NHS to get paid for treating workplace accident and injury victim
The NHS could claim back over £150m a year for treating employees injured at work, the government has said.
The money would be recovered from insurance companies in cases where personal injury compensation has been paid to workers. Hospitals can already recover costs from insurance companies for treating patients injured in road accidents, which nets the NHS around £115m. The insurance industry said companies’ premiums may already have increased.
The scheme, which will apply in England, Wales and Scotland, comes into force on Monday. It allows the recovery of the cost of both hospital treatment and ambulance care.
Health Minister Andy Burnham said the NHS Injury Costs Recovery scheme was based on the legal rights of the NHS: “Although this scheme will undeniably raise useful additional sums of money for hospitals, it is not simply about raising more cash. It is based on the legal rights of the NHS and the responsibilities of those to blame. We hope it will act as an additional impetus to improving health and safety. It is unacceptable that taxpayers have to pay for the medical treatment of someone injured at work simply because employers fail to take adequate steps to protect their workforce.”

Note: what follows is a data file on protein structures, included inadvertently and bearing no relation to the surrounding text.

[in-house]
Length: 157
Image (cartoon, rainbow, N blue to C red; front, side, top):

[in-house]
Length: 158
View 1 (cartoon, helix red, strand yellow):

He added: “Individual hospitals will now be able to recover the costs and decide where they want to reinvest that money to improve services they want.”
Malcolm Tarling of the Association of British Insurers (ABI) said companies had been preparing for the introduction of the scheme for the last 18 months: “This has given the industry time to assess the impact of the change on their own business, so premiums may already have gone up.”
He added that the actual cost to the insurance industry would only be revealed when the scheme was in operation: “With the system for road accident payouts, the take-up by the NHS was very low because the costs and the bureaucracy of that implementing that scheme was too high.”
Geraint Day, head of health and environment at the Institute of Directors said: “This measure is highly likely to have an effect on insurance costs, which are already of concern to many businesses.” He added: “We reject any implication by the Department of Health that employers in general are failing to take adequate steps to prevent accidents at work.”
But TUC General Secretary Brendan Barber said: “It is only right that where employers cut corners at work and take risks with the health and safety of their employees, it is them, not taxpayers, who pay the cost of treating the hospitalised ill or injured worker. Employers can easily protect themselves from increased costs by ensuring that employees do not get injured through negligence in the workplace.”